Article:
Additional rules:

Pets

If you want your rental property to be pet-free or pet-friendly it needs to be stated in the tenancy agreement. Further, some states require documentation for pets such as pet licenses and vaccinations. To avoid confusion, define the type of pets you allow. In an ideal lease, weight restrictions and the number of pets allowed per rental is included in the lease. A tenant should be responsible for cleaning up after the pet and are liable for any pet-caused property damage. Therefore you should consider including a pet deposit in the tenancy agreement for pet-friendly rentals.

Occupancy

Property owners ought to clearly specify the limits of occupancy for your rental. List the names of authorized tenants on the lease agreement. If things go south, you will have grounds to evict a tenant who invites a friend to move-in or sublets the unit, without permission.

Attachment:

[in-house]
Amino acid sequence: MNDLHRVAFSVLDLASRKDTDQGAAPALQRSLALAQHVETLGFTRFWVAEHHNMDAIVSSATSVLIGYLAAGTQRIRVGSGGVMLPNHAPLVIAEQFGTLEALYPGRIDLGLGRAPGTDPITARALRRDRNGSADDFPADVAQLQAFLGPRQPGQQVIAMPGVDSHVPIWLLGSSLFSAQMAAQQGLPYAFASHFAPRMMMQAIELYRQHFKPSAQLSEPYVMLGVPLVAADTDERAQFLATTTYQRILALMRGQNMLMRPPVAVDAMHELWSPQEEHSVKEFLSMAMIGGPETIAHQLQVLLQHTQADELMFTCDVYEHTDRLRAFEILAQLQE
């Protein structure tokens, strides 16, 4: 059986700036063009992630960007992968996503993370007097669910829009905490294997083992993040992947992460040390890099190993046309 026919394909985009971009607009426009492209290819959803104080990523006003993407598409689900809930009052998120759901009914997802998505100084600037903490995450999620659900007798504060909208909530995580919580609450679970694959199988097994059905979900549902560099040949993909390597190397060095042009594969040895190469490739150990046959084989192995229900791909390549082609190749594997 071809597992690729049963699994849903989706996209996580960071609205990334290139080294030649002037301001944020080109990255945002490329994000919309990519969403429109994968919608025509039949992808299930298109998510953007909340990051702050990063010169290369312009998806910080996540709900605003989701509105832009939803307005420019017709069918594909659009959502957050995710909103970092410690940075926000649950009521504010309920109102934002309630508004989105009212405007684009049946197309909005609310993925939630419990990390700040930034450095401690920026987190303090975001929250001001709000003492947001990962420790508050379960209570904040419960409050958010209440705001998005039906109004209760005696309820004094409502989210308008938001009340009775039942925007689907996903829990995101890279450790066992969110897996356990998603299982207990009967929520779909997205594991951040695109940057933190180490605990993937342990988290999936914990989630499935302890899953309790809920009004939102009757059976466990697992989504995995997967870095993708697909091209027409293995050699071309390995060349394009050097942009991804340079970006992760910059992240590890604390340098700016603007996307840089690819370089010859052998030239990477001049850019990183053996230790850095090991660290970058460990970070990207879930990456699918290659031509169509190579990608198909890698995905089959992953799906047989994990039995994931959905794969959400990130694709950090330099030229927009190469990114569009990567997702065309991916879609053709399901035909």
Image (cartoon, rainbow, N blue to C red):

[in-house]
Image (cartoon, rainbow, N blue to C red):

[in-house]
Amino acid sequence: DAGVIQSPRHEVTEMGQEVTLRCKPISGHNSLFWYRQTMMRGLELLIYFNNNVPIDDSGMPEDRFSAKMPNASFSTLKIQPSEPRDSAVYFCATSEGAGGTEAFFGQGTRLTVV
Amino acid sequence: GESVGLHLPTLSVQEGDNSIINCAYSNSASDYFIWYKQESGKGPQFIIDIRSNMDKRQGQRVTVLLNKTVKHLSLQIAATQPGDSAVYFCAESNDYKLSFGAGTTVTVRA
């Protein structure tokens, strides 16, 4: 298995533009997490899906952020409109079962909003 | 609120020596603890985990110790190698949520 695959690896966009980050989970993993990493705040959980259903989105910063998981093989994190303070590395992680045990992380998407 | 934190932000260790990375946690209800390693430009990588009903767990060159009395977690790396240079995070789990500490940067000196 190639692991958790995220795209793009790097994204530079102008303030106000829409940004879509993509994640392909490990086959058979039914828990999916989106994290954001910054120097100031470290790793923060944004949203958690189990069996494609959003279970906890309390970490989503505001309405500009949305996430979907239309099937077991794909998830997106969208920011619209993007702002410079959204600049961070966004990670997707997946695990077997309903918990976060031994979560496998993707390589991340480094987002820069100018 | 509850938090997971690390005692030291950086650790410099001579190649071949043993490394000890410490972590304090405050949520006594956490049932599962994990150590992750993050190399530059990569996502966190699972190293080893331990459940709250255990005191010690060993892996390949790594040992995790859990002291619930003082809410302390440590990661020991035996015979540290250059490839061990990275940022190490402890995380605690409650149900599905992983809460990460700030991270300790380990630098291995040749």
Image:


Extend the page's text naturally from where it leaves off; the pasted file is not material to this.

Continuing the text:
Utilities

Will your property have utilities included in the rental fee? Or will your tenant be responsible for taking over utility bills and keeping on top of the payments? Leaving tenants responsible for their electricity, heat, air conditioning, internet, and cable TV bills allows them to monitor the usage to stay within their budget.

Keys

Have you covered who takes responsibility for a loss of keys? As a landlord, you should provide a tenant with a set of keys that they will return at the end of the tenancy. On the other side, tenants should be made aware of the fees for replacing keys or having a lock changed.

Notice Period